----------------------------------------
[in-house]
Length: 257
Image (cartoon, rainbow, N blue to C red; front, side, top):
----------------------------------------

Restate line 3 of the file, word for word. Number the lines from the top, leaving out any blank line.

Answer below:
Image (cartoon, rainbow, N blue to C red; front, side, top):